Late Phases has been getting quite a bit of good buzz, so that’s at least reassuring–then again, so did Here Comes The Devil, so I guess that I shouldn’t get my hopes up too much.

More recently, I have seen Annabelle and Ouija, neither of which meets my strict definition of what a horror film could–or should–be (which is that the film doesn’t necessarily have to be overtly gory, or even violent–though it helps–but it does have to be suspenseful, create a sense of tangible unease and/or discomfort, and make the viewer uneasy and perhaps most importantly, get the blood racing, pardon the pun).

Late Phases stars Ethan Embry–an uber-talented and extremely under-rated actor if there ever was one–and Nick Dimici (Stakeland) which makes me want to see it even more.

‘Dragon Age: Inquisition – The Breach’ Trailer

I’ve played the original Dragon Age, if I recall, for less than a half hour before I lost interest.  That’s more a commentary on me being really fickle more than anything else.

In other words, it doesn’t take much for me to lose interest in something.

For instance, if the control scheme is a bit unusual and takes adjusting to, then–more often than not–I’m done.

Hell, remember Defender?

I enjoyed watching people play it but never bothered myself.  Why?  Too many damn buttons to keep track of; not exactly what I would call intuitive.

That being said, I don’t recall Dragon Age looking anything like the animatic above, which implies that the gameplay may have changed from what I remember.

And while the Breach, where the monsters came from in Pacific Rim is an idea that I don’t think can be copyrighted, though it strikes me as sort of odd that the makers of the game–if the trailer is to believed–essentially took the concept, and just moved it to the sky, as opposed to the bottom of the ocean.

And they even call it the same thing.

Reasons For And Where A Potential Tron: Legacy Sequel Could Begin

Tron: Legacy movie poster

 

  • Demand

I am still reasonably sure that there will be a sequel to the 2010 Joseph Kosinski film, Tron: Legacy.  The original earned over $400 million worldwide, on a budget of $170 million.  When you take into account promotional costs–which I don’t have access to, but I’ll add on another $100 million, which sounds fair–then Tron: Legacy actually wasn’t that profitable, if at all.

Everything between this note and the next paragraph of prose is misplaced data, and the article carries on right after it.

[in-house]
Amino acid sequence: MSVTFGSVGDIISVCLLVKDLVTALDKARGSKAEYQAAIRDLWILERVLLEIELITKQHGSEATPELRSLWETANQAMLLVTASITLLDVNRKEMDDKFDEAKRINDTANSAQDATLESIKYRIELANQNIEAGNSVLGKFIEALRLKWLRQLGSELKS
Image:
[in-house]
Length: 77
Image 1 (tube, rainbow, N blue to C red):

But you have to also keep in mind that it earned over $400 million, which shows is that there’s definitely interest in the property, and demand for a potential sequel, with the caveat being if Disney can build on that demand.

  • Disney Has Few Homegrown Options of Its Own

Disney, as a movie studio, is in a pretty unique position.  There’s their Marvel Studios arm, which produced the recent box office hit, Guardians Of The Galaxy, as well as the upcoming The Avengers: Age Of Ultron, Ant-Man, and many others.

Then there’s Pixar, which creates cutting edge CGI features that manage to be extremely profitable, which isn’t easy to do (if you think so, take a look at DreamWorks SKG’s releases sometime, which if it weren’t for the success of How To Train Your Dragon 2, would be bleak).

And there’s also Disney Animation, which ever since John Lassiter, the head of Pixar, began running things, has become a hit-making machine with movies like  Wreck-It-RalphFrozen and most recently Big Hero 6 which has managed, domestically, to outgross Christopher Nolan’s Interstellar.

And I haven’t even gotten into Lucasfilm, which has the potential to be massive with the new Star Wars films they have in the pipeline.

So what becomes of Disney?  Are they a holding company for their more successful branches, or can they produce unique content of their own (Maleficent‘s success to this day is something of a mystery to me, as in I don’t see, considering how relatively niche the movie is in some ways, how it did as well as it did)?